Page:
qahtan's picture

No , it's just what I heard on the grape vine. But I don't really care what CI think of the DLX I like it now I am used to it.though it took a while. :-))) qahtan

jef_lepine's picture

I've got a kitchenaid 6qt and it hasn't let me down yet. It does just about everything I want and never seems to be underpowered. It's 3yrs old now and I think it's paid for itself.

Luvs2bake's picture

Hi, I'm new and this is my first post here. Please don't hate me -- I have *2* KA stand mixers. The first one is the little one, the Ultra. I've had it for about 8 or 9 years now and it's never given a lick of trouble except it isn't powerful enough to mix some of my stickier bread doughs. So a few years ago when I went to cooking school, my family chipped in and got me the 6-qt. mixer ("Bubba"). Bubba will mix doughs the smaller one doesn't, but I think I need to adjust the bowl clearance because the smaller one seems to mix more thoroughly. I also prefer the tilt-back head of the smaller one. Bubba has the lift handle and sometimes it's awkward. The worst thing is I have an extremely small kitchen with literally no counter space so I have to keep playing musical chairs with them. If I had to choose one over the other, I think I'd keep the smaller one and evict Bubba.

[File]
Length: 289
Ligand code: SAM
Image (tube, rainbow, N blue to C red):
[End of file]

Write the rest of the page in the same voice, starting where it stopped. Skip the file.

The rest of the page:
wkk39845's picture

This is late but it may help anyway, Look at the "Bosch Universal"
The Bosch has been around since the fifties and is German, it's made for tough jobs like kneading up to 12lb's of bread dough plus anything else.

kimn's picture

I have a Kitchen Aid Ultra that I bought this past Thanksgiving. It's been great. Check Kohls or department store, they usually run good sales. I got a great deal on mine from Hechts.

I also have a Cuisart Food Processor that I use for kneading dough that does a great good. Only downside is the capacity, max of 4 C of flour. Also got a great deal on this from a department store.

titus's picture

I'm with qahtan on the Electrolux! I had a KA, but I think the Electrolux is far superior in perfomance, ease of use -- everthing!

Bread_Roger's picture

Hi--new, enthusiastic member here!

Would love to get feedback on the Bosch Universal, as it looks very tempting.

Brief appliance background on me:

After baking with bread machines from 1997 to 2006, I decided it was time to make bread the regular way. Also, I wanted to bake only once a week, rather than constantly running that bread machine.

The Kitchen Aid receives tons of accolades, but it's just too heavy! I have a 5x7 foot kitchen, and need to move appliances around, up and down, etc. The Electrolux got such raves and is smaller than the KA, so went with that. Indeed, it's relatively lightweight (23 lbs) and beautifully made. Problem is, the darn thing just doesn't do bread dough very well, at least not for me. After making the aforementioned plans to bake only once a week, I found I enjoyed it so much that I preferred making smaller, 3-cup-of-flour recipes twice a week. The DLX doesn't deal well with less than 4 cups of flour, and spins merrily away doing nothing while the flour just sits there. Making small cookie recipes is fine, but add-ins (nuts, chocolate chips, etc.) do not get mixed in.